If you see a beggar on the street, it is perfectly right and proper to want to help him. If you proceed to go over and help him, you’ve done what pleases God. If instead you go across the street, stick a gun in a rich man’s rib, and take the rich man’s money and go over and help the beggar, I am not so sure that is what God had in mind.

Using the government to do our good deeds is essentially being generous with someone else’s money.

I see no basis in the Scriptures for Christians to condone or participate in such a methodology.

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Christians Should Take Freedom Into Account

For example, consider a family with children that would prefer to have the mother stay home to care for those children. Unfortunately, the income isn’t there to support it, and so the mother has to get a full or part time job. Thus, this family becomes enslaved to a societal structure that makes it difficult to act on the principles and priorities they believe. Ah- but upon further examination, the income is there to support it. When we look at the pay stub, thousands of dollars, every month, are being automatically withdrawn by the state and federal government for taxes and social security.

Put this money back into the hands of this family and suddenly it is possible, even easy, to have one of the spouses stay home.

This example is meant to illustrate the principle that taxation has a direct impact on freedom. As Christians, we should not be indifferent to the effect that governmental policies have on individual groups.

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Tea Parties About Liberty not Just Taxes

There are many people who don’t like the idea of Christianity being involved in politics. The supposition is that spiritual people shouldn’t have an interest in such trivial matters. However, if there is indeed a connection between economics and liberty and human rights, then we see that such things are not trivial at all. Nor can we hope, in the spirit of Christian compassion, that our efforts to use the government for ‘compassionate’ purposes won’t have inevitable consequences. Of all people, Christians shouldn’t be looking around with shocked expressions when the best laid plans of men go awry- for they always do.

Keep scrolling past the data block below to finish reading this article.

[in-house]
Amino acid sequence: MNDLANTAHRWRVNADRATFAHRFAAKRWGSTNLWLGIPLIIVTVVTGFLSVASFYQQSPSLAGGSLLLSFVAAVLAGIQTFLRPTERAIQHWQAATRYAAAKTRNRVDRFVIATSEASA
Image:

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Episcopal Priest Told She Can’t be Muslim And Christian

The Christian Post this morning has a bit about an Episcopal priest who claimed to be ‘100% Christian and 100% Muslim’ being ‘defrocked.’

A brief quote from the article:

Convinced that her new Muslim faith did not contradict her beliefs as a Christ follower, Redding declared she was both a Muslim and a Christian.

None of these things surprise me. This is all par for the course in today’s relativistic climate and typical in liberal Christianity. What surprises me? What surprises me is that the Episcopal denomination cared at all. I mean, aren’t they a little past being concerned about truth, the Bible, and firm stands over what the Scriptures clearly say?

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Detroit Income Tax even for NonResidents?

Last night I learned that Detroit has put together an ‘income tax’ much like the Federal and State income tax. In other words, it isn’t property tax. (I heard it described as a ‘slum tax’). We wonder why Michigan has been in recession for so long… well, one doesn’t have to look too hard. The last thing that Detroit needs is another reason for people to flee- and I assure you, and I doubt you need to be convinced- a person who pays this income tax will receive absolutely nothing for its dollar.

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Principles for proper and moral legislation: in America, abandoned

I’m pretty sure that the founders of this country had a similar view. They wouldn’t recognize the bloated thing we have today. One can guess what they’d say or do. (I have some guesses). Let us just assume that no one even tries anymore to have good, moral, proper, principled reasons for passing legislation any more. That has been abandoned. In its place are just two basic principles: 1. Will the legislation make money for the government (or those donating to officials)? 2. Will it extend the government’s reach?

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This is for all the Christians who voted for Obama

If terrorists and tyrants want Obama as president that is cause for concern to me. If I am a Christian who is operating on the belief that Obama reflects my values, the fact that secular humanists are thrilled is a warning sign. With no further comment, here you go: [image]

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Rand’s Atlas Shrugged as Template for Today’s Liberal Lunacy

But it is the nature of the human beast that after enough time has passed- 20 years will do, but in today’s media saturated 24/7 news cycle apparently 20 minutes will do, as well- the things of the past are just that, the things of the past. “Those things won’t happen again.” “Things are different today.” “We’d never let that happen again.” “We are smarter today.”

This, I’m afraid, is all wishful thinking. Very dangerous wishful thinking. Under the cover of this mentality the principles of old are allowed ever deeper reach into the operations of free societies. But God cannot be mocked. If you plant a corn seed you will get a corn plant. If you plant these principles you will reap their fruit. You may delay it a little while or change its expression, that’s all.